Theories abound and those theories are cross-cultural. Chinese Daoists imagine a “type of sage who [responds] to the flow of events without weighing alternatives” (6). The abounding theories today, which help us make sense of our own contemporary


instabilities, continue the argument that knowledge will automatically free us from the prison of the flesh. Since belief in

political solutions is fading, however, the ruling faith is science and its belief that science will enable humankind the ability to “escape the limitations that shape its natural condition” (9). For Gray, however, it’s Gnosticism in a scientific form; assuming for a moment that one could upload one’s self into that ethereal thing called the internet, well, it’s akin to the Gnostic age-old desire to refuse the material constraints of the flesh by exiting the material world.

For Gray, however, that assumes that at the bottom of it all the cosmos is ruled by laws that express overarching purpose. What if, though, at bottom of it all there is no overarching purpose and the regularity of those seeming laws of nature are not abiding laws at all but at the bottom of it all chaotic.

What then?

One can no longer hold to the idea that advancement of knowledge is liberating and progressive including an inevitable ethical progress attached to the sciences both hard and soft.

For Gray, then, an alternative interpretation “may be more interesting.” He notes, scientifically, that the “Aztecs appear unrecognizably alien to the modern mind” but that “may be because the modern mind does not recognize itself in the Aztecs. We cannot understand the Aztecs because we do not want to understand ourselves” (74).

That’s not sheer cynicism according to Professor Gray; regimes

and barbaric groups still abound in the world today. What was


fragile centuries or decades ago is fragile today.

What then?

For Professor Gray we cannot “dream” our world into being or yearn for a type of knowledge “that would make us other than what we are–though what we would like to be we cannot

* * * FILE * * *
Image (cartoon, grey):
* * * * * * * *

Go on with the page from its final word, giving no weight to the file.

say” (165). Human nature won’t progress and the modern era is no more virtuous than any other era. The old Socratic maxim that the unexamined life is not worth living is just one more straw dog. The reality is that the world around us is not an illustration of rationality but rather an illustration of hysteria. One should, rather, be perturbed full page advertisements in The Wall Street Journal that free market capitalism brings hope. Such is one more example of utopianism’s laborious illusions or, better, said, Jerry Seinfeld’s advice to George: You need to get over yourself.

Is there, then, any advice for living a “better” life in this stumbling world?

The most perfect form of freedom is the freedom of an animal that is never nostalgic for memorable moments as if they were eternal recurrences. Live, then, like that animal that never agonizes over alternative but responds effortlessly to situations as they arise.

If not that, then live one’s life as effortlessly as a self-regulating machine, uploading one’s self like so much new software and death is nothing more/nothing less than unplugging the machine.

Of course one does not need to be happy with or support Gray’s conclusions. If he is a time-teller, the uneasy lies this forthcoming political season. There is nothing that will help this


generation of Americans to revive their in the Framers experiment which over time did little to make reasonable principles of justice. To believe that everyone is impartially equal is more likely than note is is just one more example of our failed common sense method of reasoning about morality–no possum, no sop, no taters and especially no gravy.

I confess a bit of guilty pleasure in both reading the book and writing this review.

But then like most people, I’m likely fickle and occasionally cheat at golf.